In 2010, the US Supreme Court declared that pumping corporate cash into elections is a form of free speech. As Republican Mitt Romney put it later, "Corporations are people, my friend."
We have been witnessing the consequences of the high court's Citizens United ruling ever since. But because so many of those consequences benefit Republican politicians, there can be a tendency to view opposition to Citizens United as primarily a leftist preoccupation.
What's brilliant about Dark Money, a powerful documentary directed by Montana native Kimberly Reed, is how it proves the falsity of this notion by telling the story of Republican state lawmakers who found themselves in the crosshairs of a very effective dark-money blitz.
The point of the blitz was to purify the Montana State Legislature's Republican caucus. It did this by using dark money to carpet-bomb Republican primary elections with mailers and other electioneering materials aimed at kicking out conservatives who weren't viewed as conservative enough. Those impure conservatives would then be replaced by newly elected Republicans who were, in effect, wholly owned subsidiaries of the dark-money groups that had defeated their opponents.
The blitz worked, and it is quite something to watch shell-shocked Republican politicians speaking directly to the camera—while driving pickup trucks, while sitting in no-frills rural meeting rooms—and arguing passionately that no, money should not be equated with speech, and no, we should not allow out-of-state corporations, or any corporations for that matter, to meddle invisibly in our elections.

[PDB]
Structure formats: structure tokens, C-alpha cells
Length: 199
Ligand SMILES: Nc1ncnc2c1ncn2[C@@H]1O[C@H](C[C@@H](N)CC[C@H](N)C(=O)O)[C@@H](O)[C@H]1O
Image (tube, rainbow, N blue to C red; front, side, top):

It all makes the problem crystal clear: Corporate power is corrupting American democracy using massive contributions and complex voter-manipulation schemes at levels we've never seen before—levels that, to this day, we barely comprehend. It's a dynamic that hurts community-accountable Republicans and Democrats alike while helping only cosseted plutocrats.
The film also makes the solutions crystal clear: daylight and regulation. It follows dogged journalists who endure downsizings and rough indignities (one ends up living and working in his pickup truck) in order to pursue the leaked documents and money trails that will eventually allow Montanans to understand what's happened to their democratic process. In response, state lawmakers—with a key assist from a Montana Republican who was targeted by dark money—pass a tough new transparency law aimed at curbing dark money's influence.
Trump won Montana by 20 points, and pretty much no one in this film comes off as anything close to urbane or polished (except maybe the slick suit running a fake "public meeting" in Butte that's funded by out-of-state interests working against Medicare expansion). But because of the state's unique history of standing up to unabashedly greedy mining barons in the early 20th century, and now the Citizens United–cloaked corporate barons of the early 21st century, Trump-loving Montana has emerged as a national model for how to begin to take back democracy.
It won't be easy. Dark Money makes clear that as social media and other parts of the internet continue to merge with the consequences of Citizens United, the opportunities for undetected corporate and foreign influence in elections will only multiply.
But as the documentary also makes clear, the alternative is well worth fighting against: a grim dystopia in which oligarchs own every step of the "democratic" process, so that government becomes merely another corporate product.